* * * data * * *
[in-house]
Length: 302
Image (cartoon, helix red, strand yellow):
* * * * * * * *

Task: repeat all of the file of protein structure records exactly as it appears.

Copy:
[in-house]
Length: 302
Image (cartoon, helix red, strand yellow):